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Counting your chickens before they've hatched has long been frowned upon in folklore. Nonetheless, this hasn't stopped Bitcoin ETF applicants from discounting their fees to undercut competition, on the assumption that approval will be granted.
Bloomberg predicts a 90% chance of approval by 10 January, which is tomorrow at the time of writing.
Submitting amendments to their Bitcoin ETF registrations to the SEC, applicants disclosed their proposed fee structures.
Bitwise Bitcoin ETF, ARK 21Shares Bitcoin ETF and Invesco Galaxy ETF are launching with a lowballing fee of just 0%.
BlackRock, the OG Bitcoin ETF applicant, proposed a fee of just 0.20% on the first $5 billion and 0.30% thereafter for its iShares Bitcoin Trust.
WisdomTree is placing a 0.5% fee on its trust whilst VanEck will impose a 0.25%. VanEck has also pledged 5% of its profits from the Bitcoin ETF to core developers at Brink.
An initial $10,000 donation to Brink was also made by VanEck to support its work.
"Your tireless dedication to decentralization and innovation is the cornerstone of the Bitcoin ecosystem, and we're here to support it—more details to come," said VanEck.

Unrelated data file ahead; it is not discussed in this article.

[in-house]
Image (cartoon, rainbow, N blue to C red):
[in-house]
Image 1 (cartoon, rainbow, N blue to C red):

Issuers charge these fees for services including buying and storing assets. Investors incur the fee which is deducted from the fund's assets, ultimately impacting their final returns.
Custodia Bank CEO Caitlin Long warns that issuers charging lower fees to manage a fund could be hiding other risks. Securities lending is a common practice in no-fee funds, which poses additional risk for investors.
Low fees might attract traders and thus boost liquidity but issuers could discuss reduced fees with custodians, which could impact entities such as Coinbase, which is tasked with holding Bitcoin as collateral for ETF shares.